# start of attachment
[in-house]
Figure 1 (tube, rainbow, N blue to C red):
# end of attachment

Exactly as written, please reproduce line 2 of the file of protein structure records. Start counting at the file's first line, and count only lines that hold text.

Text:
Figure 1 (tube, rainbow, N blue to C red):